Ricky Maranon, News 9
NORMAN, Oklahoma -- It's the height of the holiday season in Cleveland County, but like the ghost of Christmas past, what took place on the streets of Norman 15 years ago continues to haunt Cleveland County.
In the early morning hours of December 20, 1996, OU ballerina Juli Busken disappeared from her east Norman apartment.
For those closest to the case, what happened to Busken is still fresh in their minds.
"The most dreaded call you can receive is a call that one of your students has been killed in a tragedy," OU President David Boren said. "I'll still remember forever, the call from Joe Lester, now the county sheriff who was chief of police at the time, telling me that Juli Busken had been killed."
"To this day, I still see the face of Bud and Mary Jean Busken sitting there in the audience, listening to every single gory detail about this trial," Former Cleveland County District Attorney Tim Kuykendall said.
Kuykendall said the night before Busken's murder, was just like any other December night.
"The night before, she'd been out with some friends," Kuykendall said. "They had a going away party, a Christmas party, saying their goodbyes. They thought their goodbyes were for the semester, until after Christmas. Little did they know that their goodbyes would be forever."
They would find her body on the shores of Lake Stanely Draper raped and murdered just hours after she disappeared, but there would be more questions than answers as to just what happened.
"If you can imagine being out in 10 below zero or 20 below zero weather, and being kidnapped, raped and murdered and being left at the edge of Lake Stanley Draper, that was a horrific crime," Cleveland County Sheriff Joe Lester said.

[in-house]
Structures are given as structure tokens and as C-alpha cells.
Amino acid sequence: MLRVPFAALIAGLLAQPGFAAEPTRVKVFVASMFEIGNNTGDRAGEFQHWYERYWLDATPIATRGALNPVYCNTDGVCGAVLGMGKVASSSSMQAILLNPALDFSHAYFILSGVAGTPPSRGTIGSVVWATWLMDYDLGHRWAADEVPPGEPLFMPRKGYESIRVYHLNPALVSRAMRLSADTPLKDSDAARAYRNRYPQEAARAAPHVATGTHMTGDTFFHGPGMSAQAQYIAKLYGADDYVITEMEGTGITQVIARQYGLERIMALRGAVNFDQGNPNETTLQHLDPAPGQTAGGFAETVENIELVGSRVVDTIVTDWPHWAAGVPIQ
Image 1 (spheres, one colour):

Busken's killer, Anthony Sanchez, was convicted of her murder back in 2006, and his appeal for a retrial has been denied. He is currently sitting on death row.
But just because Busken is gone, that doesn't mean she is forgotten.
"Here's a loved one that has such a brilliant future ahead of her," Lester said. "Here's a loved one that was a sister, an aunt, that was a friend, a cousin, a daughter, a granddaughter that will never, ever, ever get to share the future with her family."
OU President David Boren watched Busken perform in the musical Swan Lake the semester before she was killed. Boren says he remembers Busken fondly.
"She had a beautiful spirit about her," Boren said. "Even when you just saw her walking across campus in her everyday street clothes, you felt she walked with such dignity and grace that you'd say to yourself 'I bet she's a ballet dancer'."
Busken's memory still lives on in the form of a dance scholarship at the OU College of Fine Arts.
Those close to the Busken family are asking the OU Board of Regents to endow the scholarship so Busken's memory will live forever at OU.